THE BLOG
07/24/2008 05:12 am ET | Updated May 25, 2011

Hellboy 2 Stands Out in a Weak Summer for Movies

In a disappointing movie summer, two critically acclaimed popcorn directors stand out. The summer movie season officially kicked off with a flick by the master himself, Steven Spielberg's only modestly entertaining addition to the Indiana Jones series. We had to wait two more months for a really satisfying action flick, but Guillermo Del Toro delivered it, with the sequel to his underappreciated Hellboy. Other than WALL-E, there haven't been many instant classics this summer, but Hellboy 2: The Golden Army is a movie I'll be happy to watch over and over again. It's visually stunning, full of easy camaraderie, one-liners that range from crackling to groaning, kickass action, and it's yet another one of those nerdy comic book movies that are all the rage nowadays. All in all, it's pretty great.

It has a different feel than the last one. Whereas the first Hellboy was all Nazis and demons and Satanic minions, this one's about pissed-off forest gods and nymphs and fairies. Del Toro is still fascinated by the tenuous line between reality and fantasy, as he was in Pan's Labyrinth, but this time it's much less scary and much more fun. He gets his ookies out of the way early, with nasty little bitey things that are adorably revolting, and whose screen time is thankfully brief. The bad guy is truly sinister, but his supporting cast is less infernal and more natural, less red and black and more green and brown, less pulsating and more hulking.

The plot is revealed in an opening animated puppet sequence that looks like something out of Tim Burton. A long time, it turns out ago humans and elf/fairy/magical creature types fought a war. Goblins built an invincible golden army, which slaughtered the humans so badly the magicals were shamed into a truce. Now some of them want out, led by a pale-faced scarred guy with a telescoping spear and a really bad temper, who's trying to find his twin sister to reassemble a magical crown that will allow him to resummon the golden army and finish off humanity.

The team from the first movie expands and is given more to do. The relationship drama deepens between Hellboy (Ron Perlman) and his girlfriend, firestarter Liz Sherman (Selma Blair), and their character development is one of the movie's quieter victories, the sign of a real storyteller at work. (Movies have long been starved for women who kick ass; Blair's a great addition to a too-small canon.) Merman Abe Sapien (Doug Jones, taking over for David Hyde Pierce's voicework in the first movie) falls in love with the bad guy's twin sister and confesses his ardor to Hellboy, who's love-struck with Liz, in a hilariously poignant scene with a 24-pack of Tecate. A new addition, ectoplasmic apparition Johann Krauss (Seth Macfarlane, who somehow isn't terrible), is a good-guy riff on the last movie's evil reanimated Nazi henchman. A lot of the last movie's fun came from the chemistry of the leads, and it continues here.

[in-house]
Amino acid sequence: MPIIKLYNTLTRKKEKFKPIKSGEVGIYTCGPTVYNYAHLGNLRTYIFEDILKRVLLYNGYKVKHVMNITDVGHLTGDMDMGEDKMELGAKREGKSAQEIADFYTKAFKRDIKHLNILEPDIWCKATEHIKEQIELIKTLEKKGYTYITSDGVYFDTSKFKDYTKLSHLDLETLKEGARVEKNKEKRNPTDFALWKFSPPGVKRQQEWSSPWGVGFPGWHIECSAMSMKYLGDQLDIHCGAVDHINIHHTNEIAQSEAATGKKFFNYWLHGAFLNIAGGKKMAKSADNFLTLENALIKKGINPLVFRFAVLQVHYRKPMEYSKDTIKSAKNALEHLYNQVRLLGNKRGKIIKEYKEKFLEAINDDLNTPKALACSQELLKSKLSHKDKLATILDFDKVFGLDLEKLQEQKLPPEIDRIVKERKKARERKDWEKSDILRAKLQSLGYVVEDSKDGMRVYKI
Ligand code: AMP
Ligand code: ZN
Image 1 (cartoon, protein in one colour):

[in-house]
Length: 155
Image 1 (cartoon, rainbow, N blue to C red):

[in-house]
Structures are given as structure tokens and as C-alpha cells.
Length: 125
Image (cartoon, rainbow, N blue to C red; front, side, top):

The action scenes are truly satisfying. A clash between Hellboy and the bad guy's goon is everything the Hulk-on-Hulk battle from The Incredible Hulk should have been earlier this summer, brutal, long-lasting, and deeply satisfying. The final confrontation with the Golden Army, and Hellboy's mano a mano with the bad guy himself, are even better. The filmmakers clearly spent their budget in these scenes, when midrange shots fill the screen with countless moving parts and let the audience follow precisely what's going on, rather than the shakycam extreme close-ups that many lesser directors use as a crutch. (Bourne director Paul Greengrass is about the only person in the world who can pull these off successfully.)

And the greatest star is Del Toro. Like Peter Jackson, he's a big-budget filmmaker with a low-budget horror heart, who loves monsters and gore by the bucketful, and is equally comfortable with CGI and with handmade effects like miniatures and makeup. He even has the trademark paunch and beard of his Kiwi counterpart. Most importantly, though, he has a masterful grasp of story and character, coaxes great performances out of his actors, fluently flows between genres, and makes movies that are a lot of fun. (Even Blade II.) And he's still getting better.

I can't wait till Hellboy 3.

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